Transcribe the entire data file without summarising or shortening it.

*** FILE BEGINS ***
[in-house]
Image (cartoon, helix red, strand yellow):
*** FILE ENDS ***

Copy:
[in-house]
Image (cartoon, helix red, strand yellow):